Endings and Beginnings

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Endings and Beginnings

Blaze a trail
with your heart,
Listen to the music
of your soul,
And fly!
-Kris King

Endings have not always been easy times for me, and after being involved with so many people over the years, I know this is true for most people.

Have you ever known someone who never finished their doctorate? Or someone who stayed in a destructive relationship for years and years, someone who never really left home, or someone who grieved a loss for years and years and never let go? Or someone who was so terrified of death that they didn’t really live? Each person tenaciously held on to an existing experience, even if it was over or lacking in richness or substance, because they were afraid of letting go, of what could happen next.

Two of the most significant endings in my life were having breast cancer in 1979 at thirty-six, which ended my body as whole, and the death of my son, Matthew, in 1986 a week after his twenty-first birthday, which ended our profound mother and son relationship. Both were breathtaking and gut-wrenching experiences that I have molded my life with and that molded me. The thoughts about cancer and death that I had before they became realities terrified me and confused me. When I was actually experiencing them, it wasn’t that way at all. I had crossed a threshold, from illusion to reality.

Endings signify so many different things to each of us, from death and destruction, abandonment and failure to freedom and self-acknowledgement, achievement and creativity. What is the difference that lets one person see terror in an ending and another see excitement and learning?

The difference for me came when I realized I didn’t have to be scared or terrified like I had seen in the movies or read about in books, that cancer and death don’t have to be about tragic endings. With the help of a lot of loving and patient people, I started to believe in life again and my ability to choose life passionately in each moment. My cancer became a beginning of my strength. Matthew’s death became the beginning of my faith. Basically, I moved from fear of loss to acceptance of life.

Think of the people in your life who you have seen transform their fear of an ending into a new beginning in how they thought and interacted, basically lived their lives. I have witnessed many such miracles over the years. Valiant, courageous, and even playful engagements with adversity, divorce, illness, and death. Each person an inspiration because of how they use the ending to fuel their own spiritual growth and learning. They take an ending and make it a beginning. What an inspiration to us to live each moment here and now. After all, what are we waiting for?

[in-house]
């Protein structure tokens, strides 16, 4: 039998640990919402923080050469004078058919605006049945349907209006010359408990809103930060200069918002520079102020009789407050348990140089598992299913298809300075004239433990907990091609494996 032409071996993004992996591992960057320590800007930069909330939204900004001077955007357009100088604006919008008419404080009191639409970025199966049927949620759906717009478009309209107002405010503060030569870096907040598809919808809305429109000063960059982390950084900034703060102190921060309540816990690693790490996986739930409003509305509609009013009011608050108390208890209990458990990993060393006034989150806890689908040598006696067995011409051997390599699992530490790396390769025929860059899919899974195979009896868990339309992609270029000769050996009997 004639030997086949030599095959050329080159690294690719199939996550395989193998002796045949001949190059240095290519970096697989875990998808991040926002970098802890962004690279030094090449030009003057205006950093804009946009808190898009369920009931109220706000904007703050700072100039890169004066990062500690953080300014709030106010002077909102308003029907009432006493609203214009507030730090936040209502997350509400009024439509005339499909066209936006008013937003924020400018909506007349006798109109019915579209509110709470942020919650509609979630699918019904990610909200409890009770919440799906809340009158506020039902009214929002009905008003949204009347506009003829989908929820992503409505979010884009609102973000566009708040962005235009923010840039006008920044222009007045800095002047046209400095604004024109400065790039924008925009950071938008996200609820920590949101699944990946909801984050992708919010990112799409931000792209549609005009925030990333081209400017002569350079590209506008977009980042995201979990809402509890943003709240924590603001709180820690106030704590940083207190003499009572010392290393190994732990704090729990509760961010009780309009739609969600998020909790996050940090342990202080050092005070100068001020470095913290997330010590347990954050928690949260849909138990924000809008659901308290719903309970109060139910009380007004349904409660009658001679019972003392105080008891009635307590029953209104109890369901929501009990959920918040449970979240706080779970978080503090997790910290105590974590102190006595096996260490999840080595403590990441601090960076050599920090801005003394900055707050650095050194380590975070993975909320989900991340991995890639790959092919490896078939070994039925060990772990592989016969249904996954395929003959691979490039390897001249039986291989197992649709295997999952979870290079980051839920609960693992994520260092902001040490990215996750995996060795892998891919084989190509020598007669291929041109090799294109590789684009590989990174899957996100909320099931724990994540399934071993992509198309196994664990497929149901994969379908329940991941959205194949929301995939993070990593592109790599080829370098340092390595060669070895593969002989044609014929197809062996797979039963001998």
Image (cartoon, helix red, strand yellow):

After Matthew died, this thought came into my mind. It helps me trust life and reminds me to choose life.

Every exit
is an entrance
to somewhere else.
—Kris king

Every time a completion occurs, the next moment is the beginning of something new. Instead of looking backward at where we have come from, this is a reminder to notice where we are and what we are going toward. Letting go of the past with deep appreciation and opening to what lies ahead with curiosity and courage.

The difference that makes a difference? Yes!

Reflections:

1. What have been the most significant endings in your life? Describe them fully.

2. What did you learn about yourself in each?

3. Have you resisted letting something come to a natural ending? What were the consequences?

4. What do you want to begin? What are you curious about and courageous enough to pursue with all your heart?

With love and gratitude,
Kris King

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3 Responses to “Endings and Beginnings”

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  2. Hi Kris,

    I re-listened to this today. It is a good lesson to hear and reflect upon more than once. I plan to share it with friends, some who are courageously going throw their own challenges.

    Thank you,
    John

  3. Kris,

    This is a beautifully written and beautifully spoken gift you have given us. Yes, we each have endings and can reach new beginnings. Thank you for sharing.

    The phrases that especially caught me included: “fear of loss and acceptance of life”, “take an ending and make it a beginning”, and “trust life”. Powerful.

    I have taken solace and joy reviewing your words, your own heart, and sharing your generosity both to yourself and to others.

    Thank you,

    John Fentress